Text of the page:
“That’s funny.”

“I’m serious. Nikki Giovanni wrote, I am so perfect so divine so ethereal so surreal, I cannot be comprehended except by my permission. Men don’t bother to get to know me. They think they know me based on what they see.”

“No, I understand. I think that liking someone first, is more important than loving them. If you take the time to get to know someone and like them for who they are, that’s unlikely to change unless that person does. Love is more about how you feel, and not based on what you know.”

“Right. Love is fluid and moves with an ebb and flow.

“Wow. I like that.”

The more we spoke, the more I wanted to talk with Mina. I know it was less than a week, but I was love-struck. It was as if I was under some spell.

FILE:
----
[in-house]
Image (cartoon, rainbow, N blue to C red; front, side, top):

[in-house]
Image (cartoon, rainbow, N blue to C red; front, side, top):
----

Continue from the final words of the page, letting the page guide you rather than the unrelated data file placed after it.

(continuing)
By the end of the week, I was prepared to tell Natalie that I no longer wanted to date exclusively or that I wanted us to take a break. The more thought I gave it, I was prepared to tell her that we were over. In reconsidering, I thought as my last act of kindness I would not tell her until she returned from her getaway weekend. I didn’t want to ruin it for her.

I called Mina and told her my intentions toward Natalie.

“Okay. You should do you and what makes you happy.” Mina offered without a hint in her voice of enthusiasm or encouragement.

“Yeah... whatever makes me happy. Well, that’s why I’m talking with you.”


“Really. What makes you happy?”

“I’m happy being true to myself. Before we go any further, I hope you aren’t twisted about leaving your girlfriend for me.”

“No, I’m straight about what I’m doing.”

“And just what are you doing?”

“I’m getting to know you.”